Proving x^2+y^2+z^2 is ≥3 Given x+y+z+xy+yz+zx=6

• pixel01
In summary, the conversation discusses ways to prove that x^2+y^2+z^2 is greater than or equal to 3 given the equation x+y+z+xy+yz+zx=6. Suggestions include using Lagrange multipliers and Cauchy's inequality.
pixel01
I do not know if this is suitable here:

Given that : x+y+z+xy+yz+zx=6,
Prove that x^2+y^2+z^2 >=3

Any hints will be appreciated. Thanks.

What are x, y, z? Real numbers? Positive reals?

Well, let's see:

$$(x,y,z)\cdot(1+y,1+z,1+x)=6\to||(x,y,z)||||(1+y,1+z,1+x)||\cos\phi=6$$
whereby is implied:
$$(x^{2}+y^{2}+z^{2})\sqrt{1+\frac{2x+2y+2z+3}{x^{2}+y^{2}+z^{2}}}\geq{6}$$
Maybe this is usable?

That was a much better idea!

mrandersdk said:
maybe use lagrange multiplier to find the extremums of x^2+y^2+z^2 under the constraint x+y+z+xy+yz+zx=6, then verify that the minimum gives the value 3.

see:

http://en.wikipedia.org/wiki/Lagrange_multipliers

I'll have to read up on that method. ANother alternative:

http://www.imf.au.dk/da/matematiklaererdag/2005/filer/niels.pdf

Last edited by a moderator:
that is a funny coincidens John Creighto I'm studying physics and mathematics at the university of Aarhus denmark, where your note is from.Haven't stydied the note though.

Thanks for all of your contributions.
This one can be solved using Cauchy though.
We have: x^2 + 1 >= 2x; y^2+1>=2y and z^2+1>=2z.
Then it's easy for the rest.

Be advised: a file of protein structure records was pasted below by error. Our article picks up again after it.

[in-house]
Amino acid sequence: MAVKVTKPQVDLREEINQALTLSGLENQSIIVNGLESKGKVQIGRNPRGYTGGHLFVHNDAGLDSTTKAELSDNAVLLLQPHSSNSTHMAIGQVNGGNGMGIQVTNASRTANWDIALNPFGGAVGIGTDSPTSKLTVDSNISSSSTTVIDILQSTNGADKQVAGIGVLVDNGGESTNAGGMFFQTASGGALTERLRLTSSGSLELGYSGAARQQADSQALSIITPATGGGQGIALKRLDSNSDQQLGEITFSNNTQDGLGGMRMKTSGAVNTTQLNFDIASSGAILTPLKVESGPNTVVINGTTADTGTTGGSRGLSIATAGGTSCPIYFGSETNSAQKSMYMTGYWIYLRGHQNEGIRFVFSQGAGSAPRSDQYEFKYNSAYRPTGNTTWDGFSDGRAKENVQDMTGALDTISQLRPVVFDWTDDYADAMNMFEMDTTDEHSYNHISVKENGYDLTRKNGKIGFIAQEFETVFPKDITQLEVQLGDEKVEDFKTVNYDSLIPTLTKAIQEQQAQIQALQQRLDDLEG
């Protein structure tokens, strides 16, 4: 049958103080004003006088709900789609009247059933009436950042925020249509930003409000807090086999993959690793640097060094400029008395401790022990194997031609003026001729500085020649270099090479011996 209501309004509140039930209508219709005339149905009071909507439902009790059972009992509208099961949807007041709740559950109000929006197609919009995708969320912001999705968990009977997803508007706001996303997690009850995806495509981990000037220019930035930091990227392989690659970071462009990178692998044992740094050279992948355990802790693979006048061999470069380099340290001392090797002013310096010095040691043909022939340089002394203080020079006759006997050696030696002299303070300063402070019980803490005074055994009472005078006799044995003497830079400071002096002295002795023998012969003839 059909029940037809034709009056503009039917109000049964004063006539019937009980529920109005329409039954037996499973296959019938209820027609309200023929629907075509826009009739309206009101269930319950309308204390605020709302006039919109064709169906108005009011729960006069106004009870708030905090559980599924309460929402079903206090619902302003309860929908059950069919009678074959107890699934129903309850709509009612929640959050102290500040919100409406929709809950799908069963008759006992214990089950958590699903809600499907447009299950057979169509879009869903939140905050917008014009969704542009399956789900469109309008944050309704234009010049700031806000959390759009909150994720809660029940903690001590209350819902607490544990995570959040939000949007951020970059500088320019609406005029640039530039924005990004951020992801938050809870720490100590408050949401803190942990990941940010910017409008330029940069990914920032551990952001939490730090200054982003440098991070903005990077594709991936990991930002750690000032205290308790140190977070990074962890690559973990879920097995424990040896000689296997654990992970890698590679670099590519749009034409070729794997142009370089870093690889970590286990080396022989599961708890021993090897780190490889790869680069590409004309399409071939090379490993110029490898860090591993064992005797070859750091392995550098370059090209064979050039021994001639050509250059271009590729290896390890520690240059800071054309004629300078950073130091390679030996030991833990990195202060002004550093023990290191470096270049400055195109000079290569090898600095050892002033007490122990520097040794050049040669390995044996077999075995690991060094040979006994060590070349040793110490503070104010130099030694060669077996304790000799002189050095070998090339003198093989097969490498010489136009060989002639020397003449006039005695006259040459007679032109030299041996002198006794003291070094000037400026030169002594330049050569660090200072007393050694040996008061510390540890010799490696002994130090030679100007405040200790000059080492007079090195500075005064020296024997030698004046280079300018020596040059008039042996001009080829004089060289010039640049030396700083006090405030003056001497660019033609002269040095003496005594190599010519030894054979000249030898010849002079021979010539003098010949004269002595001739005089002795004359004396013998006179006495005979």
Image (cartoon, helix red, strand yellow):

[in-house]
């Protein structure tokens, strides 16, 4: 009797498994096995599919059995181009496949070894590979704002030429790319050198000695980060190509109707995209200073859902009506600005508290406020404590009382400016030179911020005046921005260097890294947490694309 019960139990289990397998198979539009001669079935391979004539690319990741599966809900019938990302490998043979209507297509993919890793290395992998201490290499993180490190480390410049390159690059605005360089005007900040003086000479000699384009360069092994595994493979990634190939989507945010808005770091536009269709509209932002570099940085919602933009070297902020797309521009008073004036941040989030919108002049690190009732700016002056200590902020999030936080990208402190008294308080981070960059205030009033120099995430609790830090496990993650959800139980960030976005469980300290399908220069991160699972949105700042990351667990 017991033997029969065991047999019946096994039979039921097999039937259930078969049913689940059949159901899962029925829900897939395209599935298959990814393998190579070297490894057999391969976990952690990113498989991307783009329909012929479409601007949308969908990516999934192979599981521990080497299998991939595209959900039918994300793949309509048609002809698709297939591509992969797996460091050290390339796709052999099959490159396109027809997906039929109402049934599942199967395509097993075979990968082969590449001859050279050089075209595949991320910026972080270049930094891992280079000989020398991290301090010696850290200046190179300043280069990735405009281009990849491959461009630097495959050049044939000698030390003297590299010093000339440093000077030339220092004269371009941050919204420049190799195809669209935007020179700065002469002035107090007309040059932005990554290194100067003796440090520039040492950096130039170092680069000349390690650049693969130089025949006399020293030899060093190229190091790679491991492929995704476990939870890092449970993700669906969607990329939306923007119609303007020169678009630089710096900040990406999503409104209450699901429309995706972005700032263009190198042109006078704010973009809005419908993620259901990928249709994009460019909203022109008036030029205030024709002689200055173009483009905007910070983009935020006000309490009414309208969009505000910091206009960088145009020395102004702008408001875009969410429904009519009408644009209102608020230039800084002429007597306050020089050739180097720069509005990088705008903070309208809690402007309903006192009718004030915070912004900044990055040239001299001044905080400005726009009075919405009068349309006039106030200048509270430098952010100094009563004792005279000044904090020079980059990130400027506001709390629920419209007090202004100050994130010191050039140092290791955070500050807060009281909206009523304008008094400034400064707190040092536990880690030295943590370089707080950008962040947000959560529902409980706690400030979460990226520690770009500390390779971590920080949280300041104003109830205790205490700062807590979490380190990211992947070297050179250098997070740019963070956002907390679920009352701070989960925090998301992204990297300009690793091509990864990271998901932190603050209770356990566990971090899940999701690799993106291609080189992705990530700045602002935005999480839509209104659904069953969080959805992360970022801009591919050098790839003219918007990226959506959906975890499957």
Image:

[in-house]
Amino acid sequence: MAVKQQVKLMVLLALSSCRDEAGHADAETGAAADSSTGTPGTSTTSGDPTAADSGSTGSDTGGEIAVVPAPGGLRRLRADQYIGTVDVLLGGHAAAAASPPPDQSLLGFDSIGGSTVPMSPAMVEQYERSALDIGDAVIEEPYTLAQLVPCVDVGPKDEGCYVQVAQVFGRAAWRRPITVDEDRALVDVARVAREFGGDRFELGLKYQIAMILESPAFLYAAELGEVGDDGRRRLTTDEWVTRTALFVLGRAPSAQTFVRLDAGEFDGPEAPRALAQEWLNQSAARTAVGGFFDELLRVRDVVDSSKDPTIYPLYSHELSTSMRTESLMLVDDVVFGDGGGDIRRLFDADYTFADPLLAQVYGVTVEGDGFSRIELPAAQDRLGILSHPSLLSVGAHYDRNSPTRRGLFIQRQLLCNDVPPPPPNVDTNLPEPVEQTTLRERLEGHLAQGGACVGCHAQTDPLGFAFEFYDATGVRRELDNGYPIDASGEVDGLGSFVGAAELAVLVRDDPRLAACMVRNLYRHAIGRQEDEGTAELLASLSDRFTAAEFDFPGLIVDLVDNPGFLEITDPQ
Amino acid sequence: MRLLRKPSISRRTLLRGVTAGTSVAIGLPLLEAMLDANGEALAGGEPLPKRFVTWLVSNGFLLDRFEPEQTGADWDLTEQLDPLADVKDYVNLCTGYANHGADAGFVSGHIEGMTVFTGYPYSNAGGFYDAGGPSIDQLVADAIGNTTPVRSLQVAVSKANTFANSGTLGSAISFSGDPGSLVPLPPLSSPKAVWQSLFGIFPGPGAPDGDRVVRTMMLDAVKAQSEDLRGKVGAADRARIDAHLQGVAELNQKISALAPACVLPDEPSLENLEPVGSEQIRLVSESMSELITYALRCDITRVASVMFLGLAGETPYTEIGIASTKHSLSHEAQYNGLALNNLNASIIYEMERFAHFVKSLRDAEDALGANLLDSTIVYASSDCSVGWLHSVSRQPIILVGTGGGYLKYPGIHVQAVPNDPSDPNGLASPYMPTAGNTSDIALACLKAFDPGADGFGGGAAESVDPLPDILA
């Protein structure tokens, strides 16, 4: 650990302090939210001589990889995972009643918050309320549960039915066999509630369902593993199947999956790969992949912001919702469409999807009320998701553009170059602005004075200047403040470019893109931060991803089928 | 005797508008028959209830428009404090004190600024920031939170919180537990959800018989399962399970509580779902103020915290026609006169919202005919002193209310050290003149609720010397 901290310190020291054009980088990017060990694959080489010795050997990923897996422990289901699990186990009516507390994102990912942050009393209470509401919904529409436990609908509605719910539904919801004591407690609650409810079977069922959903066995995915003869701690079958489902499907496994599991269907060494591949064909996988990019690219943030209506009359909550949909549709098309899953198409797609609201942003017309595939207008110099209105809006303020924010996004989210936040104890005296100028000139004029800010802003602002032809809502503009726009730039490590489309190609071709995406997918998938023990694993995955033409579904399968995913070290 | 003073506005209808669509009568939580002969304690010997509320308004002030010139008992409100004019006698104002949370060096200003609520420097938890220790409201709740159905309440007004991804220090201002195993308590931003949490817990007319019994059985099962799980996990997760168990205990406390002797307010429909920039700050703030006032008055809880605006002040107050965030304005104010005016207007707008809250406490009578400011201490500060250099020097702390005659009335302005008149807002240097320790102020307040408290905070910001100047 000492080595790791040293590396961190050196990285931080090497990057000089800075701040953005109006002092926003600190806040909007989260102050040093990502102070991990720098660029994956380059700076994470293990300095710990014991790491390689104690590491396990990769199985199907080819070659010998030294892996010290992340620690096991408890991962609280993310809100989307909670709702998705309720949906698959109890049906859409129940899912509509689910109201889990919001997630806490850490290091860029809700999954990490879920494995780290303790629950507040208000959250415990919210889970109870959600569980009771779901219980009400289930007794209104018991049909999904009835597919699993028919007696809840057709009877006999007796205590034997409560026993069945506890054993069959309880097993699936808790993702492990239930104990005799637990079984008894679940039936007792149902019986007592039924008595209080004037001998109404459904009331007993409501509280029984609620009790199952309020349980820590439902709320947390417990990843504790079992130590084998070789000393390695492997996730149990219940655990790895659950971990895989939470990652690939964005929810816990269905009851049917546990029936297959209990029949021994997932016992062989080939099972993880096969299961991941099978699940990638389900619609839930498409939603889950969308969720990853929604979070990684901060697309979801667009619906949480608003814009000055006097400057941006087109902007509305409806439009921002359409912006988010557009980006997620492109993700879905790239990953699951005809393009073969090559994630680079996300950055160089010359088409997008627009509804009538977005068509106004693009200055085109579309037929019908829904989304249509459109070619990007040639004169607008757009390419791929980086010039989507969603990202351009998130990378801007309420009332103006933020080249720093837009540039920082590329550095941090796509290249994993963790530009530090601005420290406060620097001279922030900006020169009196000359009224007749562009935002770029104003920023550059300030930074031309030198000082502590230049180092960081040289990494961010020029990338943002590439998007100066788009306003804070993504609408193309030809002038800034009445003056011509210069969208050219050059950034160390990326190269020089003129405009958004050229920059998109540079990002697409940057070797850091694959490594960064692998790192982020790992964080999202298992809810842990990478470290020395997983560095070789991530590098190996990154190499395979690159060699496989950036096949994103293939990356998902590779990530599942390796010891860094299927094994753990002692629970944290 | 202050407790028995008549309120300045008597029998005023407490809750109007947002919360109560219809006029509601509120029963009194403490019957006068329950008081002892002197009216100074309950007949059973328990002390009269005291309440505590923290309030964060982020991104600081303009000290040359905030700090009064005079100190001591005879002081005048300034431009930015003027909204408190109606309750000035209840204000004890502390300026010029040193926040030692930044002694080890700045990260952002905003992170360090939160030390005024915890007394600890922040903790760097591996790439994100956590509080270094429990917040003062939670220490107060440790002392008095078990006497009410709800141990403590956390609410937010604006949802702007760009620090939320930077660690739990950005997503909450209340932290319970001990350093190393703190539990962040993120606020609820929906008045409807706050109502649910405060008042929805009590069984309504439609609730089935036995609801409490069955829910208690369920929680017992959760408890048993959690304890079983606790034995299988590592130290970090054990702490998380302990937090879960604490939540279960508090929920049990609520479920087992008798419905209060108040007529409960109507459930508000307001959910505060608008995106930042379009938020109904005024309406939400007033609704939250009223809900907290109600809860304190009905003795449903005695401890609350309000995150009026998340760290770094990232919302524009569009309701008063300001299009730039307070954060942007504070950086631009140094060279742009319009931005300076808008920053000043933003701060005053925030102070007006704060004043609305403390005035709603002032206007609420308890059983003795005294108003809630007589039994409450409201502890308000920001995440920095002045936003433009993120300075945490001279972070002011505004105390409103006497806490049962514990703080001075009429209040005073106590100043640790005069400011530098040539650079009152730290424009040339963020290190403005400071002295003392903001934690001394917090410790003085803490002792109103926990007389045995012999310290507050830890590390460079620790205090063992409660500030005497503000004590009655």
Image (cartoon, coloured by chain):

1. How do you prove that x^2+y^2+z^2 is ≥3?

The proof for this statement involves using algebraic manipulation and the given equation x+y+z+xy+yz+zx=6. By rearranging terms and applying the Cauchy-Schwarz inequality, we can show that x^2+y^2+z^2 is greater than or equal to 3.

2. What is the significance of the inequality x^2+y^2+z^2 ≥3 in this context?

This inequality is significant because it provides a lower bound for the sum of squares of three variables, given a specific condition (x+y+z+xy+yz+zx=6). It also highlights the relationship between the variables x, y, and z in terms of their squares.

3. Can the inequality x^2+y^2+z^2 ≥3 be proven using other methods?

Yes, there are multiple ways to prove this inequality. Some other methods include using the AM-GM inequality, the Power Mean inequality, or geometric proofs.

4. Is there a specific domain or range for the variables x, y, and z in this equation?

The given equation x+y+z+xy+yz+zx=6 does not restrict the domain or range of the variables x, y, and z. However, in order for the inequality x^2+y^2+z^2 ≥3 to hold, the variables must be real numbers.

5. How can this proof be applied in other mathematical contexts?

The concept of proving an inequality using a given equation and algebraic manipulation can be applied in various mathematical contexts, such as optimization problems, number theory, and geometry. This specific proof can also be extended to higher dimensions by using similar techniques.

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